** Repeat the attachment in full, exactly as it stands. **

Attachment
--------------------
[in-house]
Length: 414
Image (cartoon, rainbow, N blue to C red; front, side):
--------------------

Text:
[in-house]
Length: 414
Image (cartoon, rainbow, N blue to C red; front, side):